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Now viewing articles posted in March 2018.

  • Top 6 Invasive Aquatic Plants in New England

    March 28th, 2018 by Bob Hartzel


    New England’s lakes and ponds host a great variety of native plants that are an important part of a healthy aquatic ecosystem.  Non-native species can disrupt these ecosystems by spreading aggressively and displacing beneficial native species.  These plants can also impair swimming, boating, and fishing, and can contribute to water quality problems as large amounts of organic matter decay at the end of each growing season. 

    The guide below summarizes the key identifying features of the six non-native plants most commonly found in New England lakes and ponds.

     

    Variable milfoil (Myriophyllum heterophyllum)

    Variable watermilfoil is a submerged aquatic plant that grows in depths of up to 15 feet.  This plant has reddish stems with whorls of 4-6 feather-like leaves that are about 2 inches long and 1 inch wide.  As shown in the photo, the plant also produces a prominent spike-like flower (3-6 inches long) that emerges above the water surface by late June or July.

     

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  • 5 Municipal Regulatory Tools to Protect Water Quality

    March 21st, 2018 by Bob Hartzel


     

    Regulatory tools are “non-structural” practices that can be an effective component of your long-term plan to control watershed pollution sources. The general categories of local controls that can be used to protect water resources are summarized below, followed by a table with links to example municipal ordinances.

               

    1. Zoning: Zoning ordinances are used to regulate the land use activities and development density allowed in each section of a town. Zoning regulations typically applies only to future site development and redevelopment.

    2. Subdivision Regulations establish requirements and review procedures for developments of two or more units. Like zoning ordinances, they typically apply only to new development and redevelopment. These regulations often include requirements for site plan review, to ensure that the project plans comply with all regulations.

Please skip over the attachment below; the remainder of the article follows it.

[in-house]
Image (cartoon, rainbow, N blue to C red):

3. Board of Health Regulations may be enacted where existing state laws are determined to be insufficient for the protection of public health. For example, Boards of Health can regulate septic systems more stringently than required under state law, and can further regulate the use, storage and handling of fuel and other hazardous materials in specified areas. 

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  • Top 5 Uses For Drones in Engineering and Ecology

    March 1st, 2018 by Eileen Pannetier


     

    Over the past few years, drones have evolved from something under every Christmas tree to a valuable tool and investment for civil engineers and environmental scientists.  The use of drones in engineering is expanding rapidly as the accuracy of these tools increases and as costs go down.  There are still barriers to using drones, including the time necessary for pilot training, the technical challenges and software expertise required for post-processing drone imagery, and a lack of uniform standards for products.  EagleEye AeroboticsTM, a subsidiary of Comprehensive Environmental Inc. (CEI), has met these challenges to provide industry-leading drone services, including the top five uses described below.

    1. Investigations of Large or Inaccessible Sites

    Large and/or inaccessible locations such as deep woods, expansive wetlands, densely vegetated stream corridors, and salt marshes are ideal for drone investigations. In just a few hours, drones can provide high-resolution imagery for areas that would take days or weeks to assess on foot.  For example, locating beaver dams throughout an extensive stream system can be done quickly and easily with a drone. A sediment plume degrading a river can be rapidly tracked back to its source, such as an unstabilized soil stockpile, helping to speed up mitigation efforts and minimize habitat damage. Big storms may cause an unknown amount of erosion and damage, but drones can be used to quickly assess large areas and prioritize response actions.  As with any technology, there are limitations, but investigations suddenly become quick, effective, and geolocated for easy and precise repetition. 

     

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